Zealandia Te Māra a Tāne

Named by Time magazine as one of the 100 greatest places in the world, the Zealandia urban ecosanctuary is a must-visit




53 Waiapu Road

Arrive in Wellington and you’ll be greeted with birdsong. Across the city, the sound of native birds can be heard thanks to some forward-thinking folk who created Zealandia, a pioneering sanctuary that’s turned back time on Wellington’s native environment.

The world’s first fully-fenced ecosanctuary, Zealandia Te Māra a Tāne is an incredible slice of wilderness. It's not what you’d expect to find a few minutes drive from the central city, but Wellington is all about the unexpected.

The best way to explore Zealandia is with a guide - they really know their stuff. You can soak up the scenery while guides track down some of the rarest wildlife. You could spot tuatara (prehistoric reptiles that have a real ‘third eye’), giant wētā that look like armoured grasshoppers, or kererū (a chunky native pigeon whose flapping wings sound like a helicopter in flight).

A night tour is an undeniably special experience. You’ll depart around dusk, explore the sanctuary by torchlight and spot creatures that only come out at night like cave wētā, , and glowworms. If you’re lucky, you’ll even see a rare little spotted kiwi.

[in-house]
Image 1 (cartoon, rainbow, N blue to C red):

If you’d rather explore Zealandia by yourself, general admission is available during the day. Grab a visitor map and then head out to walk the tracks. There are some bridges and a dam to cross, dozens of intersecting tracks to explore, and birds aplenty to spot or listen out for.

More than 140 rare little spotted kiwi live in Zealandia Te Māra a Tāne, and they can often be seen on night tours of the sanctuary.

New Zealand was once an isolated land. Native plants and birdlife flourished, including flightless kiwi. But with the arrival of humans came pests and predators, which left a lot of this wildlife extinct and many species endangered. Zealandia, a pest-proof "urban island" is the closest thing you’ll ever find to being in New Zealand before humans were here.

The ceaseless efforts of Zealandia staff and volunteers mean that New Zealand’s rare species thrive. The wider Wellington region benefits from a "halo effect" of this conservation effort. Bird populations are flourishing outside the fences too.

What Zealandia has achieved shows that cities don’t have to be places devoid of native wildlife. And by visiting the sanctuary, you’re doing your bit towards keeping this wildlife thriving for another generation.

Explore Zealandia at your own pace or be led by a guide.

Plan your visit

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